Three-way race emerges for Tisbury selectman

Loberg faces challenges from Gomez and Englert in the only contested race.

Two challengers - Larry Gomez and Melanie Englert - have emerged to run against Melinda Loberg for Tisbury board of selectmen. - Gabrielle Mannino

Incumbent Tisbury selectman Melinda Loberg is facing two challengers in the April 14 town election. Larry Gomez, who served a single term on the board, and is a member of the town’s finance committee, and political newcomer Melanie Englert are running against Loberg.

Loberg, who has served two terms on the board and is the current chair, said there is unfinished work to be done, and that’s why she’s seeking a third term. “I thought two terms would be a right amount of commitment, but there are several big things going on that are percolating that need time to resolve. I’m deeply committed to them,” she said. “I was persuaded by others to stick it out if the voters will have me.”

Gomez said he took out papers, and wasn’t going to run until he noticed no one else had returned papers. “I didn’t want to see an election without a race,” he said.

Gomez returned his papers on Feb. 10; Englert handed in her completed forms Feb. 19, according to town records.

Englert, who moved to the Island full-time about six years ago from New York City, is a political newcomer who has been outspoken about issues on social media. It was some of those posts that prompted folks to urge her to run. “It’s something I’ve always wanted to do — get involved politically here,” she said. “I feel like some new blood in there wouldn’t be a bad thing. People told me, ‘You’re opinionated, and you should give it a shot.’”

Gomez said he’s frustrated by the slow pace of town government. “There are a few things I’d like to see done or moved quicker — certainly the school and Beach Road,” Gomez said. Gomez was the lone selectman to support the new school project, which lost by just 21 votes when then-selectman Tristan Israel came out against it and Loberg abstained from the vote.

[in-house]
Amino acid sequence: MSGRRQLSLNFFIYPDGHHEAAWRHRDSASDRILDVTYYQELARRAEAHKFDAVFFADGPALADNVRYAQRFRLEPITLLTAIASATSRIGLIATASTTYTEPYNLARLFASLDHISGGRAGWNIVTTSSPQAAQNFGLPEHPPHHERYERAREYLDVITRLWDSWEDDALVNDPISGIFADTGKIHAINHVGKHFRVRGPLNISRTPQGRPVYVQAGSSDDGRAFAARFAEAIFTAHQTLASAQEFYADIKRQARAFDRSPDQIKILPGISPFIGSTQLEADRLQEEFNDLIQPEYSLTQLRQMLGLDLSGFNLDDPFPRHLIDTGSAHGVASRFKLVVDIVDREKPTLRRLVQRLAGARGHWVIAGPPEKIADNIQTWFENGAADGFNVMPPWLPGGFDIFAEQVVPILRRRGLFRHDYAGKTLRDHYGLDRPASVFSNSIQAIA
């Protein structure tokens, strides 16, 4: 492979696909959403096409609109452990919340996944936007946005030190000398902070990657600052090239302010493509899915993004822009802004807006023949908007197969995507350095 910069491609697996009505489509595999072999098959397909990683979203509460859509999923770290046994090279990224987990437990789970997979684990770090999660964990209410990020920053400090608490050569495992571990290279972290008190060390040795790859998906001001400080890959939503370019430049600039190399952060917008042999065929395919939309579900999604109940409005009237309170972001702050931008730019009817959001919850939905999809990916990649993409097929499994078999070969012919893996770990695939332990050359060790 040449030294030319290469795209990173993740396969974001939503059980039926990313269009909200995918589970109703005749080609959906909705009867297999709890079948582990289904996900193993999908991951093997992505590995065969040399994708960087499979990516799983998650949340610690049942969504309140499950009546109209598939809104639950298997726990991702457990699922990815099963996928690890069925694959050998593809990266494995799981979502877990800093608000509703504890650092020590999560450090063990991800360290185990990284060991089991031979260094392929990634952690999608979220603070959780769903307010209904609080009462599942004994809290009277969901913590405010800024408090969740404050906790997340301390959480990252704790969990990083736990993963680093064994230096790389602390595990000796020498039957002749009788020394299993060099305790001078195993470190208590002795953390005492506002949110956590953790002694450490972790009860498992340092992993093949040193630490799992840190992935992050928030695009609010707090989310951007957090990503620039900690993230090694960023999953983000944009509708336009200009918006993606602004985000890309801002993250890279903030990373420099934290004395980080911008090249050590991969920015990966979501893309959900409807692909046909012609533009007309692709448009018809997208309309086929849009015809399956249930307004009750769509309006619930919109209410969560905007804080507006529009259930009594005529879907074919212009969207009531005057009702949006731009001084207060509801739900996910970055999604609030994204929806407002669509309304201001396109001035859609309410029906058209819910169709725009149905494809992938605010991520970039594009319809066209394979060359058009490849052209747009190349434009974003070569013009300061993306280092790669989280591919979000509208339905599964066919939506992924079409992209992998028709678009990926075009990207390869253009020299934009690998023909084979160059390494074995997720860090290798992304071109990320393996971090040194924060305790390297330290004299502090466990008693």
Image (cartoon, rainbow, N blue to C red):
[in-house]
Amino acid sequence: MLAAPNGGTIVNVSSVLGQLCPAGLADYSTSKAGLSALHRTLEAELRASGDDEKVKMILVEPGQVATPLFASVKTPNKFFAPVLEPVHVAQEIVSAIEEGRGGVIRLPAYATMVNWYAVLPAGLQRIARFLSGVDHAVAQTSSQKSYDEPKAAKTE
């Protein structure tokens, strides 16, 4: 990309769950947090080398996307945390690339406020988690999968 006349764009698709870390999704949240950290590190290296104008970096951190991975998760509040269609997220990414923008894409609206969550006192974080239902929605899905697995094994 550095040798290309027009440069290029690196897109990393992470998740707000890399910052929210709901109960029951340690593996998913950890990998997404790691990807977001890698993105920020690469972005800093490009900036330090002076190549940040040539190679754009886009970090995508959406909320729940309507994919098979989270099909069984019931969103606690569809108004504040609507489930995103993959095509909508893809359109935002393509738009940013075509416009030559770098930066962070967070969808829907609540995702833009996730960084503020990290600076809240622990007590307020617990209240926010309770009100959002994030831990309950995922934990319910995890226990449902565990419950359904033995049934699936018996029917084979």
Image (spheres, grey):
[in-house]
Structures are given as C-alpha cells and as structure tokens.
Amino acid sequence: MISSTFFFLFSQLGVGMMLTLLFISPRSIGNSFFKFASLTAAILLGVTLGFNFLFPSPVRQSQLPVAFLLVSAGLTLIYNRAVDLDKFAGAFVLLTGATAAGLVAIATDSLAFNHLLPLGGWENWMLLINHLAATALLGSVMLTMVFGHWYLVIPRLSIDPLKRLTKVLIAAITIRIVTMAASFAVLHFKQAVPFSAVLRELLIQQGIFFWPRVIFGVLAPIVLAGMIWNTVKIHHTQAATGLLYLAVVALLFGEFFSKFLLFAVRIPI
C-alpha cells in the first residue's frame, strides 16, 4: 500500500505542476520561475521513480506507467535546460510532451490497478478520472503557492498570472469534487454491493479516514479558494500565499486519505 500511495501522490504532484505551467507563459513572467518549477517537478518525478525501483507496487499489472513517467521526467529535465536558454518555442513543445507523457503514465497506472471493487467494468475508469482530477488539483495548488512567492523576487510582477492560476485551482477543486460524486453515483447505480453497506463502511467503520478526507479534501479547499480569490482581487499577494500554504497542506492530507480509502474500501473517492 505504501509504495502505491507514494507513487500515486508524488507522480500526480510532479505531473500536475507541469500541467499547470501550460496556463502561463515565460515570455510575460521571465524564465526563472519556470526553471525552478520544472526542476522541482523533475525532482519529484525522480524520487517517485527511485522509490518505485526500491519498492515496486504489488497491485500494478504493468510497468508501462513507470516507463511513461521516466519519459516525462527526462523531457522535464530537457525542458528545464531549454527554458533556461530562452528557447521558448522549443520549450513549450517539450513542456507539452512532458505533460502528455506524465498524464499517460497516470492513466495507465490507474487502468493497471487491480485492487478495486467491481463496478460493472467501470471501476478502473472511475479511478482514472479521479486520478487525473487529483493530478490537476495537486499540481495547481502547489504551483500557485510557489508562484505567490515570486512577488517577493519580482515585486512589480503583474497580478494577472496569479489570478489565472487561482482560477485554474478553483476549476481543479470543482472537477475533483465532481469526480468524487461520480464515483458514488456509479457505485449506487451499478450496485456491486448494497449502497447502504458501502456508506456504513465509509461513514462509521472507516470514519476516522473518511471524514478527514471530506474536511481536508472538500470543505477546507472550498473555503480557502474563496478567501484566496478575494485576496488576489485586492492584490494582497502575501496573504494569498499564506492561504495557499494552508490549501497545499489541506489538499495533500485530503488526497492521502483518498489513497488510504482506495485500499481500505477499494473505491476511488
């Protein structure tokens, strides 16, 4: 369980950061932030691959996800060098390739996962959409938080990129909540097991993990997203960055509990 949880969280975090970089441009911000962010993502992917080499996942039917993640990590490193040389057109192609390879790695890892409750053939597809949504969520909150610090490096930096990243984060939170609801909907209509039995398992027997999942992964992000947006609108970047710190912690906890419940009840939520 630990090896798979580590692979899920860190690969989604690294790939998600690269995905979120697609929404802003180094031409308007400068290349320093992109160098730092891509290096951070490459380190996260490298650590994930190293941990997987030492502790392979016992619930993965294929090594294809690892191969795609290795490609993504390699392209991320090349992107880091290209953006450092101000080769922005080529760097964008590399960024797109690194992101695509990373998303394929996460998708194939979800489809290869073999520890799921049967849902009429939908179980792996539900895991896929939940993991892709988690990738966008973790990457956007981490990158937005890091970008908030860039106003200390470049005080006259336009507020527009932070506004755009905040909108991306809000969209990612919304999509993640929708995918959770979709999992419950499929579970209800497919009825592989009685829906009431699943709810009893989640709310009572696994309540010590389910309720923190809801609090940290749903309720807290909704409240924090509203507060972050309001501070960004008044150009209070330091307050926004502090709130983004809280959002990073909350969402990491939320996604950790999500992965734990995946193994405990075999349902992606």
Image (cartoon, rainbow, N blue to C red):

Loberg cited the school project as something she wants to see through. She has faced some criticism for that vote to abstain, but indicated there was some vindication of that vote in how split the town was about the new school project. 

“All along with the school project, I was quite uncertain about how the town felt about it. I kept hearing people wanted the school in the same place, and to keep the building. I wasn’t sure how they felt about it. I thought the town would speak loudly enough that it was clear which way we should go,” she said. “The split vote was maybe one of the reasons I couldn’t get how the town felt. I want to see through a project that can get more sound support than a 50/50 split. I want to present a project that people can get on board with and be enthusiastic about.”

Gomez said more problems are cropping up with the school, and the Beach Road project by the state is moving at a snail’s pace. Gomez was the lone member to support a symmetrical design, rather than a shared-use path. “Now we’ve lost so many years,” he said.

And a common refrain he hears from the public is: Nothing ever gets done. “I’m a squeaky wheel.”

Gomez would give up his seat on the finance committee if elected.

Loberg said there are stormwater runoff and coastal resilience grants that will be key to Beach Road’s future. She also cited her work with wastewater alternatives.

Englert, who works as a landscaper, gardener, and caretaker, raised concerns with parking in Vineyard Haven. She’d like the town to look for a way so residents could perhaps pay a fee and not get so many parking tickets issued. “Just the idea they were going to do parking meters is such an archaic thing,” she said, noting the town has moved to a kiosk plan after public backlash. She also has questions about the town’s support of a marina project for Martha’s Vineyard Shipyard. “It’s kind of an odd plan,” she said.

Nominations closed on Tuesday, Feb. 25, for the town election.

Incumbent school committee member Janet Packer is not seeking re-election to that board. Jennifer Cutrer is the lone candidate for that seat. Two people — Constance Alexander and Macaleer Schilcher — took out nomination papers, but did not return them by the deadline.

Instead, Alexander returned nomination papers for a five-year term on the planning board, which is being vacated by Dan Seidman.

Incumbents Jynell Kristal and Mary Ellen Larsen are running unopposed for the finance committee. Sarah York is the lone candidate for the third seat on the finance committee that’s up for election.

Town clerk Hillary Conklin and town moderator Deborah Medders are running unopposed for re-election. There are also several library trustee candidates running unopposed, and Nancy Weaver is running unopposed to return to the M.V. Land Bank Commission, Jeffrey Pratt for the board of health, David Schwab for water commissioner, and Roy Cutrer Jr. for assessor.